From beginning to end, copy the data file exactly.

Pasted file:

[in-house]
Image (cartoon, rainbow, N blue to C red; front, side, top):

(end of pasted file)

[in-house]
Image (cartoon, rainbow, N blue to C red; front, side, top):